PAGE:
Nematodes are everywhere, and growers are most familiar with parasitic nematodes that create significant damage in cropping systems. However, Post-Doctoral Researcher with Oregon State University, Ashley Shaw said that certain types of lesser-known nematodes can be helpful for farming operations.
“These beneficial ones, or what we’re calling beneficial, are usually in these other feeding groups,” Shaw noted. “They’re usually the ones that eat bacteria, or eat fungi, or eat other nematodes.”
Helpful nematode groups can recycle nutrients in the soil, return nitrogen to plant roots, and even keep parasitic nematode populations in check. Shaw has been actively engaged in researching ways to improve populations of beneficial nematodes in the soil. Adding organic material to soils, cover cropping, and reduced tillage all appear to have a positive impact in supporting beneficial nematode habitat. Shaw explained that soil disturbances and repeated applications of pesticides can take a significant toll on beneficial nematode populations.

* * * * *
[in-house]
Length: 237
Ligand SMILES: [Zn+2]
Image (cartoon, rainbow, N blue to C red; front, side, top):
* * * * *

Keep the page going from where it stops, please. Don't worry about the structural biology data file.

“These parasitic groups really benefit from these disturbed conditions. When those populations get out of balance that’s when you start to see the problem,” said Shaw. “As we improve soil health across the board it is improving the habitat for the beneficial nematodes. We do see that their populations go up as we change practices to improve soil health.”
Listen to the full episode with Ashley Shaw.
‘Making Sense of Biologicals’ is a series from AgNet West that dives into various topics with unbiased experts in the field of biologics to help the industry better understand the product category.
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